3 Video cables
The video cable connects the laptop video adapter, usually integrated into the motherboard, to the LCD. This cable is responsible for carrying video signals from the video adapter to the LCD screen.


AC power

Removing LCD screens

Normally you'll find the screws behind the rubber pieces on the screens bezel which will need prising out with a flat blade screwdriver, and after unscrewing all the screws you can gradually pry the bezel away from the screen, you can then remove the inverter cable from the screen now that it is accessible with the bezel clear, then you can remove the screen, there are usually screws that attach the screen to a side rail once these have been removed it's usually easy to separate from the laptops lid, the LCD cable should be taped to the rear of the LCD screen this will need to be removed carefully in order to lift the screen clear of the lid, depending on the model there may be webcams and wireless antennas attached as well which will need care and attention when removing, again you would use the internet in searching the places like E Bay to buy a replacement LCD screen, and you will need to use the serial and model number which is usually on the back of the screen to search for it on the internet. When replacing the bezel if you kept the screws referenced as to where they were removed from, you will find this will help when restoring, as the rubber pieces normally have a glue residue which is left on the screws this helps if they are re-attached to the same screw to assist in sticking them back on the bezel.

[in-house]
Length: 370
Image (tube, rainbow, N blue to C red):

Troubleshooting LCDs

With LCDs always check that things like the brightness and contrast controls or the LCD cut off switch which might be stuck or that it might be toggled to an external monitor by the function Fn keys, always check the keys that perform secondary functions, that toggle between LCD / external monitor / both and test using an external monitor by bypassing the LCD but not the video hardware, verify that the backlight is working the Cold Cathode Fluorescent Light (CCFL) may be broken or you may need to replace the LCD inverter or the display itself, check the resolution, native resolution looks best, check the manual or the laptops specifications on the manufacturer's web site. Some laptops have a shared memory module this is where the system shares the video RAM and the system RAM, if the RAM as failed this might well be a reason for the monitor not working. It's possible that there could be a software problem so try booting in safe mode by pressing F8 on start-up. Dead pixels can sometimes be the result of a loose ribbon connection to the motherboard, but if reseating the cable doesn't fix the problem you will need to replace the LCD screen. With blank LCDs it's worth checking the obvious culprits, like a screen saver set to "blank" and poor wake-up behaviour, or the video getting toggled to a non-existent external monitor by a keyboard failure (or an operator failure).